Jun 14, 2017 - By Katie Roenigk, Staff WriterWyoming lawmakers failed to pass a bill this year that would have increased taxes on wind production, but Sen. Cale Case, R-Lander, doesn't think the idea is dead.
"I believe it's needed more than ever," he said in April.
He cites an increased wind tax as a viable method for diversifying state revenues, the majority of which currently come from mineral severance taxes.
"This is the classic Wyoming thing," Case said earlier this year. "All of our support is paid by the mineral industry. ... They provide the bulk of the property taxes in the state, all of the severance taxes and a considerable amount of sales tax."
Even if the revenue stream from other industries was to double, triple or quadruple, Case said the income still would be "tiny" in proportion to the amount that is generated by the minerals industries. So, instead of looking to other business sectors to diversify Wyoming's economy, Case wants to prioritize diversification within the energy industry itself, particularly when it comes to wind development.
No incentive needed
Case was in favor of increasing the tax on wind energy from one-tenth of a cent per kilowatt hour to one-half of a cent this year. He estimated the move would have increased wind tax revenue from about $3 million a year to $15 million per year.Considering the rate of development, which has gone up due to advancements in wind energy transmission capabilities in the state, Case said that total could reach $30 million per year or more.
Wind developers may argue that an increased tax would discourage them from producing in Wyoming, but Case says the state offers plenty of incentives to production in the form of some of the best wind resources in the country, with plenty of land suitable for wind development.Plus, he pointed out, wind companies qualify for a 2.3 cent per kilowatt hour tax credit from the federal government. During a September meeting of the Joint Revenue Committee, he said one wind developer testified that the energy was only worth 2 cents per kilowatt hour at that time, revealing that his company profits from the subsidy alone.
Other consumers will pay as much as 21 cents per kilowatt hour for the wind energy, Case wrote in a December letter to The Ranger, citing information from the Bureau of Labor Statistics.
The potential profits were enough to prompt the developer of the Rawlins-Saratoga wind project to build his own transmission line from Wyoming to Nevada, Case said.
"It's amazing the expense they're going to in order to accomplish that," Case wrote. "The new transmission line, plus the 1,000 wind turbines, roads and other facilities makes this possibly the single largest private infrastructure project in Wyoming since construction of the Union Pacific Railroad."
During the September meeting, the developer did not reveal how much his company would profit from the project, but Case estimated earnings would exceed $10.2 billion over the next 20 years while paying less than 8 percent in Wyoming taxes.
"Raising the existing wind production tax to one-half cent per kilowatt hour will increase Wyoming's 20-year tax receipts to only 14 percent of total project revenue," he said.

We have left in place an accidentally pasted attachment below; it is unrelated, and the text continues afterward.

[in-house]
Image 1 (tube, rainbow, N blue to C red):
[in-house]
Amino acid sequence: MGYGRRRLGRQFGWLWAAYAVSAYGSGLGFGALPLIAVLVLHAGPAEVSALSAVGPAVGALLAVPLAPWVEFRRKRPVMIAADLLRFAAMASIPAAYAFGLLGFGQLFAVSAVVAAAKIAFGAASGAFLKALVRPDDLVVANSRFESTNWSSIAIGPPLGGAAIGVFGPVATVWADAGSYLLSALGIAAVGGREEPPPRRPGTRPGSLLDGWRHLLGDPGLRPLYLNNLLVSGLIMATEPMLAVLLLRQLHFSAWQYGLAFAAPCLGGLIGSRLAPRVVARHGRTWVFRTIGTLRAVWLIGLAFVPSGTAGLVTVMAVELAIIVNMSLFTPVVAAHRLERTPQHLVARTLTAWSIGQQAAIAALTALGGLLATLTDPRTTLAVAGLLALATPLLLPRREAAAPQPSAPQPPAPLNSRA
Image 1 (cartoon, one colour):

There are other transmission lines being planned in the state, too - one to the south and another to the west.
"Transmission capacity is the key, and it is clear Wyoming is transmission constrained - but only for now," Case wrote.
During the same JRC meeting he said he heard from Rocky Mountain Power representatives who talked about their progress in building the Gateway West transmission project.
"That will eliminate the transmission bottleneck - which is why wind developers are pushing hard now," Case wrote. "When the transmission constraint is resolved, prices will rebound and the boom will be on."
The Chokecherry and Sierra Madre project in south-central Wyoming will have 1,000 turbines across 340 square miles of where the wind speed averages more than 15 mph and frequently gusts above 50 mph, according to the Associated Press.
In his letter, Case lamented the loss of open spaces in the state as a result of the turbine installation, describing his drive home from Cheyenne to Lander recently.
"I crested the commanding rise in Carbon County looking west towards Walcott Junction, just a few miles after beginning the descent from the Elk Mountain plateau," Case wrote.
"From this wonderful spot you can see more than 25 miles towards Sinclair and Rawlins and gaze south up the Saratoga valley and north towards the Shirley Basin.
Over the years making this drive home from legislative sessions, I have witnessed many beautiful sunsets on the western horizon across this 50-plus mile vista. On this particular evening, I considered what the view will be like south of Sinclair, almost to Saratoga, with 1,000 blinking red lights, each marking the location of a giant turbine in the largest wind farm in the world."
During the meeting in September, he said he learned about another project planned for the Shirley basin that would be three times as big as the one between Saratoga and Rawlins.
"It is hard to imagine 3,000 additional wind turbines in the Shirley Basin," Case wrote.
He believes Wyoming should be compensated for giving up the "starkness" of its landscape.
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